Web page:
Fou Ts'ong (Chinese: 傅聰; pinyin: Fù Cōng; born 10 March 1934) is a Chinese pianist.
Life and career:
Born in Shanghai, to a family of intellectuals (his father was the translator Fu Lei), Fou first studied piano with Mario Paci, the Italian founder of the Shanghai Symphony Orchestra. In 1953, Fou moved to Europe to continue his training at the Warsaw Conservatory, where he amazed his professors with his intuitive grasp of the mazurka rhythm. His mastery was confirmed when he won the special Mazurka Prize at the 1955 International Chopin Piano Competition.
Fou had been based in London since 1960, whence he embarked on a performing and teaching career that has taken him throughout the world and been distinguished above all by his authoritative interpretations of Chopin; indeed, Hermann Hesse proclaimed him to be the only true performer of the composer's work. Among Fou's closest friends are the fellow pianists Martha Argerich, Leon Fleisher, and Radu Lupu, who, acknowledging his influence upon their musical development, were "obliged to Fou Ts'ong for all his new ideas and for opening new musical horizons for all of us."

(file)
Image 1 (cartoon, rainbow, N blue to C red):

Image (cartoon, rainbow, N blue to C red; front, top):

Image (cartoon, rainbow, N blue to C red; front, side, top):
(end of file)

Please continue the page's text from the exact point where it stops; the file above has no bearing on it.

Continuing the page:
He was a member of the Queen Elisabeth Music Competition's jury in 1991, 1999 and 2007.
From 1960 to 1969, he was married to Zamira Menuhin, the daughter of Yehudi Menuhin, and they had one son. Their marriage ended in divorce. He later married the Chinese pianist Patsy Toh. He lives in London.
Fou's parents Fu Lei and Zhu Meifu were persecuted during the Cultural Revolution and committed suicide in September 1966. Fou Ts'ong has a brother named Fu Min.